|Publication number||US5342045 A|
|Application number||US 08/169,022|
|Publication date||Aug 30, 1994|
|Filing date||Dec 20, 1993|
|Priority date||Dec 20, 1993|
|Publication number||08169022, 169022, US 5342045 A, US 5342045A, US-A-5342045, US5342045 A, US5342045A|
|Inventors||Brian P. Feeney|
|Original Assignee||Lisco, Inc.|
|Export Citation||BiBTeX, EndNote, RefMan|
|Patent Citations (9), Non-Patent Citations (2), Referenced by (7), Classifications (14), Legal Events (10)|
|External Links: USPTO, USPTO Assignment, Espacenet|
This invention relates to a racquetball racket with a reverse sunburst string pattern and, more particularly, to a string pattern for a game racket frame formed with angled main strings closer together at the top of the head than at the bottom of the head and with parallel cross strings closer together at the top of the head than at the bottom of the head.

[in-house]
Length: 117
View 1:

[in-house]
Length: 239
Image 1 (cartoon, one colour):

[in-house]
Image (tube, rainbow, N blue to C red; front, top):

In racquetball, players use rackets to strike a resilient ball against a wall or walls. The racket is constructed of a frame having a handle portion gripped by the player, a looped head portion and an intermediate portion coupling the handle portion and the head portion. Crossed strings are located in the head for striking the ball.
Game rackets including racquetball rackets have been constructed over the years with a large number of string patterns in an effort to improve playing characteristics. By way of example, German Patent Number 544,572 issued in 1932 to Hahn discloses a tennis racket with a string bed having some main strings angled in a starburts manner and with some cross strings at different spacings.